3. Some flatter themselves that they lead moral and orderly lives, and therefore think that they shall not be damned. They think with themselves that they live not in any vice, that they take care to wrong no man, are just and honest dealers; that they are not addicted to hard drinking, or to uncleanness, or to bad language; that they keep the sabbath strictly, are constant attendants on the public worship, and maintain the worship of God in their families. Therefore they hope that God will not cast them into hell. They see not why God should be so angry with them as that would imply, seeing they are so orderly and regular in their walk! They see not that they have done enough to anger him to that decree. And if I hey have angered him, they imagine they have also done a great deal to pacify him.

If they be not as yet converted, and it be necessary that they should experience any other conversion in order to their salvation, they hope that their orderly and strict lives will move God to give them converting grace. They hope that surely God will not see those that live as they do go to hell. Thus they flatter themselves, as those (Luke xviii. 9.) “that trusted in themselves that they were righteous.”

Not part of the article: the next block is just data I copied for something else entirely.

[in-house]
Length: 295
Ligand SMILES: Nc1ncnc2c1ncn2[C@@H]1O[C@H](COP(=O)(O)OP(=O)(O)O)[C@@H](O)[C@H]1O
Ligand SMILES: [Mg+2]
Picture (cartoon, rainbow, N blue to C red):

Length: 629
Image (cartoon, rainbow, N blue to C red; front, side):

4. Some make the advantages under which they live an occasion of self-flattery. They flatter themselves, that they live in a place where the gospel is powerfully preached, and among a religious people, where many have been converted; and they think it will be much easier for them to he saved on that account. Thus they abuse the grace of God to their destruction; they do that which the Scriptures call despising the riches of God’s goodness; Rom. ii. 4. “Or despisest thou the riches of his goodness, and forbearance, and long-suffering; not knowing that the goodness of God leadeth thee to repentance?”

Some flatter themselves, that they are born of godly parents, who are dear to God, who have often and earnestly prayed for them, and hope that their prayers will be heard; and that encourages them to go on in the way of 219neglecting their souls. The Jews had great dependence upon this, that they were the children of Abraham; John viii. 33. they make their boast, ” We be Abraham’s seed;” and in verse 39. “Abraham is our father.”

5. Some flatter themselves with their own intentions. They intend to give themselves liberty for a while longer, and then to reform. Though now they neglect their souls, and are going on in sin; yet they intend ere long to bestir themselves, to leave off their sins, and to set themselves to seek God. They hear that there is great encouragement for those who earnestly seek God, that they shall find him. So they intend to do; they propose to seek with a great deal of earnestness. They are told, that there are many who seek to enter the kingdom of heaven, who shall not be able; but they intend, not only to seek, but to strive. However, for the present they allow themselves in their ease, sloth, and pleasure, minding only earthly things.